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Spring Into Self-Expression: Developing Your Writing Voice Through Journaling

Spring Into Self-Expression: Developing Your Writing Voice Through Journaling

By Robin, IvyWise College Admissions Counselor

“Today was a good day at school. Ingrid and I played at recess.”

And so began my very first journal entry. The navy blue velvet cover, complete with the silver outline of a unicorn, has withstood the test of time. As a 9-year-old, I recall feeling a sense of self-importance as I put ink to paper in rather awkward cursive handwriting and recounted my school day in a short paragraph.  Three years of my life are captured in my first journal volume, and what began as simple and brief entries meant to capture my daily life evolved over the years into longer missives where I explored my highest hopes, my deepest fears, and my most intense doubts.

From celebrating new life milestones, like getting my first job post-college, to reflecting on the current reality of pandemic life amidst historical social movements, journaling is what I do when I need to declutter my mind and engage in “real talk” with myself. Within the pages of my journal, I make sense of what is happening for me. So, what is the connection between journaling and the college application process, you might be wondering? Unlike the typical writing assignments students are asked to complete in high school, there are numerous college essay prompts that require students to engage in self-reflection. If one isn’t practiced in the art of introspection, these essay prompts might seem daunting. Journaling is a great way for students to begin the self-reflection process and develop their writing voice in preparation for writing personal statements.

Self-Reflecting Through Journaling

Do a quick review of the Common Application essay prompts, and you’ll see that the common theme that runs throughout nearly all of them is self-reflection. Whether you choose to write about an aspect of your background or identity, an obstacle you’ve overcome, a moment of personal growth, or a time you questioned a belief or idea, you have to be comfortable being vulnerable, and you have to be willing to turn inward. Going inward is challenging to do, especially if you’re not used to journeying there. This is why journaling is so worthwhile. Students who keep a journal are potentially setting themselves up to be more successful in identifying a meaningful topic for their college essay, not to mention that they may be better prepared and more comfortable engaging in the self-reflection that college essay prompts are meant to elicit.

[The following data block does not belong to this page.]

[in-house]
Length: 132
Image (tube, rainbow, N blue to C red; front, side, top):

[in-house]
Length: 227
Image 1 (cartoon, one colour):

Personally, the process of journaling has helped me learn how to reframe and recast my thoughts and recognize what I can control amidst what often seems like a very chaotic world. It is not uncommon for me to experience a shift in my own self-perception over the course of writing in my journal. It is where I can openly and honestly acknowledge how I’m feeling and then explore through my stream of consciousness musings what has led me to feel that way. Writing is affirming because each and every word that goes on the page attests to who you are, who you hope to be, what you believe, what you value, and what you treasure most in this world.

Students lead busy lives, and on any given day they’re contending with completing school assignments, studying for tests, navigating friendships, and participating in extracurricular activities. Journaling forces you to pause, put away the smartphone, and focus on yourself. This respite amidst your daily activities provides an opportunity for you to reflect on that difficult conversation you had with a friend that keeps replaying through your mind. It allows you the space to process the fact that you didn’t make the varsity team or to celebrate that you were cast in the lead role in the school play. Being able to engage with your thoughts and feelings in this way raises your self-awareness, helps you process emotions, and improves your ability to problem-solve. All of these skills ultimately help you gain insight into who you are and will leave you well-prepared to tackle any college essay prompt.